How Lodha panel is setting the agenda for good governance in BCCI
There are 30 units in the Indian cricket Board and almost all of them have different constitutions. Experts feel this is the root cause of a lot of issues in Indian cricket. Mainly, it has allowed manipulation by powerful personalities to stay in power in their units.cricket Updated: Dec 28, 2015 01:13 IST
There are 30 units in the Indian cricket Board and almost all of them have different constitutions. Experts feel this is the root cause of a lot of issues in Indian cricket. Mainly, it has allowed manipulation by powerful personalities to stay in power in their units.
The bigger players in cricket administration use a similar ploy to retain power in BCCI.
It is learnt that of the many suggestions the Supreme Court-appointed RM Lodha Committee is expected to make to reform BCCI’s administration and bring in transparency and accountability, the game-changer could be restricting the tenure of officials to two terms.
In one stroke it can curb the officials’ lust for power. There have been instances of one individual or family being in power for decades. It has led to the manipulation of voters’ list in many state units and the tampering of clauses in the BCCI constitution.
Expectedly, the most powerful post in Indian cricket, that of the BCCI president, has also been studied. The Lodha panel is expected to recommend the scrapping of zonal rotation and suggest an open house election. Many good points advised in the government’s Sports Bill for federations are likely to be advocated for the BCCI. Age restriction could be one of them. The modus operandi of officials hanging on to power is having proxy voters. “A two-term restriction will take care of all these ills,” said an expert on cricket administration.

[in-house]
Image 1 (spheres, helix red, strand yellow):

In such units, but for the top officials, no one knows who the voters are or what the membership process is. According to the expert, voting members should be stakeholders actively involved in the game, like cricket clubs, schools and colleges. In Rajasthan, one family controlled cricket for decades through individual voters, till a state amendment was made to abolish the system. The matter is in court.
In BCCI’s vote bank politics, accountability is the casualty. Annually, the Board distributes, on an average `25-30 crore to its units. But it doesn’t check how the money is spent. There’s silence even when corruption cases are highlighted, to preserve its vote bank.
A multi-crore scam happened in the Jammu and Kashmir unit, accounts of the Assam body have been seized and there are cases against some former officials in Kerala.
“It (judiciary’s intervention) is something we have brought upon ourselves,” lamented a Board member. “All the rules were in place to ensure transparency and accountability, but we chose not to implement them in the name of autonomy.”
Some Board members also agree that correction was in order. “To be fair, some measures were needed in the BCCI set-up. To make sweeping changes would be uncalled for though,” said a member.
“We had the rule in place to take action against (ex-Chennai IPL team official) Gurunath Meiyappan for his offence, but we chose to take on the judiciary. The Lodha Committee’s punishment was based on implementing the rule in the BCCI’s constitution. In case of conflict of interest too, they only corrected the wrongful amendment made to the constitution to favour an office-bearer.”